Daily Recco, February 15: Such A Fun Age of friendship, privilege and race
Such A Fun Age speaks of an America that is not so much fun to live in. Kiley Reid’s debut novel is an easy read that is bound to make you uncomfortable about the subconscious assertion of privilege.
- Total Shares
White man’s privilege (and the guilt associated with it), a black woman’s everyday struggle with racism and classism, her job insecurity and the overall dynamics of gender politics. While these might sound broadly like the America we have seen over the past few years, it is realistically captured in explored in some brilliant story-telling by Kiley Reid in her debut novel — Such a Fun Age, published in 2019.
The novel opens in Philadelphia in 2016, at a time when Hillary Clinton is running for president — happier times as compared to the America that we have seen in the past four years. However, things are not too happy for the 25-year-old African-American college graduate Emira Tucker, a babysitter for the kids of the very wealthy white blogger, influencer and public speaker, Alix Chamberlain and her news anchor husband Peter Chamberlain. While Alix tries to come across as someone who portrays herself as a feminist and beyond the vagaries of racism, she is actually someone assuaged by the classic case of white (wo)man’s guilt. She calls Emira from a party to take her three-year-old daughter, Briar, to the grocery store nearby (because Alix’s house is vandalised after Peter makes a racist remark on-air). There Emira is accused by a white shopper of kidnapping Briar and has to be finally rescued by Peter. The video of Emira’s exchange with the store guard is recorded by the seemingly woke white guy, Kelley Copeland. Tall, handsome and an ostensibly mature Kelley is later revealed to have had a difficult past with Alix and Emira eventually begins a relationship with him, complicating the situation further. Both Alix and Kelley are engaged in their own private battle of proving the other to be more racist with Emira being little more than their tool to do so.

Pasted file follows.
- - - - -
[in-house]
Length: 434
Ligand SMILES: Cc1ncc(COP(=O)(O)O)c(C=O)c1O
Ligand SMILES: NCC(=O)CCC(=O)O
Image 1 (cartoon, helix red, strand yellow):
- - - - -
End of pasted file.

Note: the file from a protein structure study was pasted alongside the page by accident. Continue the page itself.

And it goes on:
Emira’s reluctance is reporting the racism against her, her realisation for needing a job with security and benefits, Alix’s superficiality and Kelley’s covert bigotry flow into easy reading, thanks to Reid’s smooth narration. As the plot develops, you will fall in love with each of the character, irrespective of their shortcomings and inadequacies. After all, imperfection makes a story as humane as it could possibly get. The ending will leave you somewhat conflicted, amused and uncomfortable — all at the same time.
Read Such a Fun Age to start your week with an easy narration on a thought-provoking note.